This species' geographic range is the Atlantic versant, humid lowlands and premontane slopes in central northern Nicaragua from 0-960 m asl (Sunyer and Köhler 2010), south through the lowlands of Costa Rica and northwestern Panama (including many islands in Bocas del Toro), from 1-495 m asl (Savage 2002).
Habitat and Ecology
This is a diurnal and mostly terrestrial frog of humid lowland and premontane forest, cacao plantations, and abandoned forest clearings. The species has been detected in forest-palmito, forest-pasture, palmito, and pasture at one site in Costa Rica (Kurz et al. 2014).
Males appear to be fiercely territorial; individual territories have been estimated at 2.5 m
This is a common species throughout its range. The species exhibits significant colour and pattern polymorphism especially among populations in the Bocas del Toro archipelago of Panama (Summers et al. 1997). Populations in forest habitat at La Selva, Costa Rica, seemed to have experienced a decline but populations are increasing in nearby cacao growth areas (Whitfield et al. 2007). More recently, the species was common at La Selva (Folt and Reider 2013) and surrounding secondary forests (Hilje and Mitchell Aide 2012). Elsewhere in Costa Rica the species appears to be increasing due to the increase of garden-like habitats where the species is most abundant; it is abundant at Guayacan (Kubicki, 2008) and no declines have been noted at Braulio Carrillo National Park, Costa Rica (Puschendorf et al. 2006). Sub-populations are suspected to occur in Braulio Carrillo National Park, Corcovado National Park, and Tortuguero National Park, Costa Rica. The species is common but decreasing on Mancarroncito Island, Nicaragua (Barquero et al. 2010), and in southeastern Nicaragua this species is abundant (Sunyer et al. 2009).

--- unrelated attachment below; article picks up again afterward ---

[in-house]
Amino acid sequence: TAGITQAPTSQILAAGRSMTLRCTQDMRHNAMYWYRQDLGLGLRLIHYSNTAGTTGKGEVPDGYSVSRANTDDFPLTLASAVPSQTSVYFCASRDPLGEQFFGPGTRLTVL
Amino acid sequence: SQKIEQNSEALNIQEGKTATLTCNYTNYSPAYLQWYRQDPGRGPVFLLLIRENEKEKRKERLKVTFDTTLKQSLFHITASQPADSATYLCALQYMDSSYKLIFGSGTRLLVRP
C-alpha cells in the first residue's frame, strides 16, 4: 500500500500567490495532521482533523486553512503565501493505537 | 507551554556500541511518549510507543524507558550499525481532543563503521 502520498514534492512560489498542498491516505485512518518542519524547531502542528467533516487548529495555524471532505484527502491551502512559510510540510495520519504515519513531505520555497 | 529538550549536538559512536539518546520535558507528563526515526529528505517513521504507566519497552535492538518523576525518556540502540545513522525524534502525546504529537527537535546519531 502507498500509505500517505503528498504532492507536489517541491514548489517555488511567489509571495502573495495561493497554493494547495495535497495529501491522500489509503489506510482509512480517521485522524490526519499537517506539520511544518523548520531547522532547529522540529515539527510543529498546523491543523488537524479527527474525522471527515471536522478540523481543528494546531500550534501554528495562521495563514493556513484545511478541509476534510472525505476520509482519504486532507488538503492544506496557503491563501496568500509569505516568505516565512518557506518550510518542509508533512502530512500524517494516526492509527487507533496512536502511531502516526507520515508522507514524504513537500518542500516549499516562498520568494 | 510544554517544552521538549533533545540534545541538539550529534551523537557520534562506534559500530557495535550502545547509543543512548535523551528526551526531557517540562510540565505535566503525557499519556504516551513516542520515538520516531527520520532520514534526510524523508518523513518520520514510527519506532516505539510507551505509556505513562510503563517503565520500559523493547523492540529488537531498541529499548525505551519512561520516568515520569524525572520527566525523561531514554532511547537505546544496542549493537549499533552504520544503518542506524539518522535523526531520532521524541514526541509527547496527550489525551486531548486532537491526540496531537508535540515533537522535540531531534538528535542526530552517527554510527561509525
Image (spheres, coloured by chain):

Habitat loss (from urbanization, agriculture and logging) and over-collection for the pet trade are the principal threats to this species. It is believed that the species is currently being unsustainably collected, and because of the apparently low fecundity of this species, the possibility exists that over-harvesting might lead to localized population declines. Distinct island forms are particularly susceptible to both over-collection, and the development of islands for tourism purposes. The great majority of reported trade over the period 1991 to 1996 was in live animals, presumably by the herpetological pet market. The largest overall exporter of O. pumilio between 1991 and 1996 was Nicaragua (>95% of exports); the USA consistently accounted for over 80% of recorded live O. pumilio imports from Nicaragua during this period, and the species makes up 7% of all CITES amphibian trade (Carpenter et al. 2014). Chytrid fungus was not detected in Bastimentos populations in Panama (Richards et al. 2008), but it has been found on museum specimens of this species, as well as in captive collections in Europe (Spitzen-van der Sluijs 2011). In Costa Rica, individuals have been found to be infected with ranavirus, and chytrid fungus, as well as co-infected with both pathogens (Whitfield et al. 2013). A lowland population in Costa Rica was found to have high prevalence (16/40) of chytrid fungus, though there seems to be seasonal variation in Bd presence within populations (Whitfield et al. 2013). The current impact of this pathogen on O. pumilio is not known. At La Selva, observed declines seem to be driven by climate-driven reductions in quantity of standing leaf litter (Whitfield et al. 2007).
IUCN SSC Amphibian Specialist Group 2015. Oophaga pumilio. In: IUCN 2014